And then we also expanded it as well to other folks across the spectrum. The chairperson of Democrats for Life of America wanted to join in as well. So we really had dozens of people who have had influence on how we think about families and how we think about policy and where the next step of the conservative approach to some of these things should be oriented going forwards.
TRACI DEVETTE GRIGGS: Did you say the Democrats for Life were a part of the statement as well?
PATRICK BROWN: It’s a pretty small group, unfortunately, but they do have some board members and they reached out to us about wanting to sign on. But we can have these bipartisan conversations about not just restricting the supply of abortion, although that will always be front and center of what we do as pro-lifers but also addressing the demand for abortion, the feeling that some women feel like there’s just no other choice because they can’t afford it or because they aren’t sure if they’re going to be able to have childcare to be able to continue to work if they have a child. Those types of situations — I think there can be some room for bipartisan work on, and in that frame of reference, we’re happy to have them join.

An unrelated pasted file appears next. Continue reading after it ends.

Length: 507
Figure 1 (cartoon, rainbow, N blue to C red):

TRACI DEVETTE GRIGGS: With the many pressing issues in our country — I mean the list is so long right now — why do we prioritize public policy surrounding families? Why is it important?
PATRICK BROWN: Because the family is the cornerstone of a thriving society, as I think — as you guys know — if you don’t have strong families, you have all of these other social ills that spin out from that, whether it’s crime or gun violence or anything like that. And so especially in this new era that we’re in, it’s going to be essential for us to be thinking about families front and center. And there’s a political angle as well. We’ve seen that Republicans have tapped into a lot of unrest from parents over what’s being taught in their schools and the messages that are being pushed out to kids these days. Recognizing that some of the challenges that face parents are cultural but also economic as well can help us position this kind of agenda in a way that responds to what parents need. And so the idea that we should be thinking about the needs of babies and moms in those first critical postpartum months has a new importance but also just making parents’ lives easier is always going to be important, and that goes beyond childbirth to the full 18 years of life. So having families as our sort of fundamental building block and our fundamental lens of analysis for public policy can push the conversation in a very helpful direction.